For years I’ve written to parents about the multiple benefits that occur in children and teens who receive the proper quality and quantity of sleep. (You can find more information about the effects of good sleep on physical, mental, emotional, intellectual, and relational health in my books, God’s Design for the Highly Healthy Teen, SuperSized Kids: How to protect your child from the obesity threat, and God’s Design for the Highly Healthy Child; and in some of my previous blogs listed at the bottom of this page.)
Results from this new study indicate that among sleep habits, having a regular bedtime was the most consistent predictor of positive developmental outcomes at 4 years of age.
Scores were significantly higher in children whose parents reported having rules about what time their child goes to bed in the following areas:
- receptive and expressive language,
- phonological awareness,
- literacy, and
- early math abilities.
Having an earlier bedtime also was predictive of higher scores for most developmental measures.
Here are more details about the study from a SRI International news release:
The study also provides a wealth of information about typical sleep patterns in 4-year-old children. According to the American Academy of Sleep Medicine, preschool children should get a minimum of 11 hours of sleep each night.
Getting less than this recommended amount of sleep, the study’s authors found, was associated with lower scores on phonological awareness, literacy and early math skills. The data show that many children are not getting the recommended amount of sleep, which may have negative consequences for their development and school achievement.
“Getting parents to set bedtime routines can be an important way to make a significant impact on children’s emergent literacy and language skills,” said lead author Erika Gaylor, PhD, early childhood policy researcher at SRI International, an independent, nonprofit research institute. “Pediatricians can easily promote regular bedtimes with parents and children, behaviors which in turn lead to healthy sleep.”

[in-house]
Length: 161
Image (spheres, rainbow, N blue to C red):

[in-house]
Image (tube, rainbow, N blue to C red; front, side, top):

Gaylor recommended that parents can help their preschooler get sufficient sleep by setting an appropriate time for their child to go to bed and interacting with their child at bedtime using routines such as reading books or telling stories.
The study involved a nationally representative sample of approximately 8,000 children who completed a direct assessment at 4 years of age as part of the Early Childhood Longitudinal Study – Birth Cohort. This analysis included information from parent phone interviews when their child was 9 months old and again when their child was 4 years old. Nighttime sleep duration was based on parent-reported usual bedtime and wake time. Developmental outcomes were assessed using a shortened set of items from standardized assessments. Results were controlled for potential confounders such as child and bedtime characteristics.
“This is by far the largest study of its kind to date. Previous studies have included up to 500 children in this age group,” Gaylor said. “It’s fortunate to have this rich dataset available for analysis.”
Last year a study in the August 2009 issue of Sleep Medicine also emphasized the importance of an early bedtime and consistent bedtime routine for children. It reported that children with a bedtime after 9 p.m. took longer to fall asleep and had a shorter total sleep time. Children without a consistent bedtime routine also were reported to obtain less sleep.
The SLEEP 2010 abstract supplement is available for download on the website of the journal SLEEP here.
Here are some of my other blogs on sleep and children/teens:
- Bedtime routines improve kids’ sleep (as well as Mom’s mental health and the child’s school scores
- Are your teens having trouble getting to sleep? Many are too caffeinated!
- Your child’s lack of sleep is linked to their risk of obesity
- Cell Phone Time Takes Toll on Teen Sleep
- Teens with TV in their bedroom highly unhealthy
- A Television-Free Home: Is It for You?
Friday, 5 June 2009
According to a new report in Reuters Health, caffeine-fueled teens are texting, web-surfing, and gaming for hours into the night, which is affecting their alertness and ability to function during the day. What can you, as a parent, do about this?
Bedtime routines improve kids’ sleep (as well as Mom’s mental health and the child’s school scores )
Friday, 8 May 2009
According to a just-released study, following a consistent bedtime routine improves infants’ and toddlers’ sleep patterns as well as their bedtime behaviors. Better yet, carrying out a regular bedtime routine also benefited mothers’ moods.